Covers and title pages Potter maintained that a book's cover and title page should be 'strong and distinct', to contrast with the more 'restful' endpapers.The covers usually depict colour vignettes of the protagonists.In her will, she left much of her land holdings to the National Trust to protect it from development and to preserve it for future generations.Potter also left behind a mystery—she had written a journal in code.She was a successful breeder of sheep and well regarded for her work to protect the beautiful countryside she adored.Potter died on December 22, 1943, in Sawrey, England.In fact, Warne wanted a colour design printed using the three-colour process.Potter was annoyed: 'I will do whatever sort you wish but one ought to know, because it is useless to do anything in fine pen and ink for half-tone process; it cuts up the line, and there would be the tone all over the paper'.
Endpapers Potter preferred plain endpapers, 'to rest the eye between the cover and the contents of the book, like a plain mount for a framed drawing'.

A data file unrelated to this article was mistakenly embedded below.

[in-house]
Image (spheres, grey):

In the case of The Tale of Squirrel Nutkin, Warne approved Potter's initial drawing but suggested that the prancing squirrel be contained with a circle.
With just one exception, her original title pages feature bold, black-and-white wood-engraved motifs.
Potter's tales of Peter Rabbit, Jemima Puddle-Duck, Benjamin Bunny and others have become children's classics. Born Helen Beatrix Potter on July 28, 1866, in London, England, Beatrix Potter is one of the most beloved children's authors of all time.
She was the daughter of Rupert and Helen Potter, both of whom had artistic interests.